Changing epidemiology of hand, foot, and mouth disease in Hong Kong, 2001-2009

Jpn J Infect Dis. 2010 Nov;63(6):422-6.


We report the surveillance findings of hand, foot, and mouth disease (HFMD) collected from a general practitioner-based sentinel surveillance system and outbreaks reported by institutions and a laboratory-based enterovirus surveillance system in Hong Kong from 2001 to 2009. A seasonal peak was detected in the warmer months (May-July), along with a smaller winter peak (October-December) from 2006 onwards. The number of older children (>5 years) infected increased from 25.4% in 2001 to 33.0% in 2009 (P=0.01, Mantel-Haenszel chi-square test). Laboratory surveillance detected a cyclical high enterovirus 71 activity every 3 to 4 years. This activity was associated with a higher average hospitalization rate for HFMD patients in the outbreaks reported in the corresponding year, although the difference was only marginally significant (P=0.09, linear regression test). The changing epidemiology of HFMD warrants continuous surveillance in order to guide preventive public-health actions.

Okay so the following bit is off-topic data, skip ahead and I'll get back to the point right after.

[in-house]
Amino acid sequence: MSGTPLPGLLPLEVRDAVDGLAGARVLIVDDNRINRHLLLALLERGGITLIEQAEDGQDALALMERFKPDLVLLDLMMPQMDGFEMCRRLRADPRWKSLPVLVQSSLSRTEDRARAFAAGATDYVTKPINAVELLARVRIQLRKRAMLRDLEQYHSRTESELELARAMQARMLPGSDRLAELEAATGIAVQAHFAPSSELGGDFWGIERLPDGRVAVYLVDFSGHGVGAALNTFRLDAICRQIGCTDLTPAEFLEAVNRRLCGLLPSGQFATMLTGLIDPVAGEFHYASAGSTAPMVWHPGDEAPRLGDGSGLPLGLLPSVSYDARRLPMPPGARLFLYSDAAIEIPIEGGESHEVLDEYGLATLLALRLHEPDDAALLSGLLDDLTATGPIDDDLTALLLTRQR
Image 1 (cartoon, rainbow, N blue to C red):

MeSH terms

  • Adolescent
  • Adult
  • Age Distribution
  • Child
  • Child, Preschool
  • Disease Outbreaks / statistics & numerical data*
  • Enterovirus / classification
  • Enterovirus / isolation & purification*
  • Female
  • General Practice / statistics & numerical data*
  • Hand, Foot and Mouth Disease / epidemiology*
  • Hand, Foot and Mouth Disease / pathology
  • Hand, Foot and Mouth Disease / virology
  • Hong Kong / epidemiology
  • Hospitalization / statistics & numerical data
  • Humans
  • Infant
  • Male
  • Seasons
  • Sentinel Surveillance*
  • Young Adult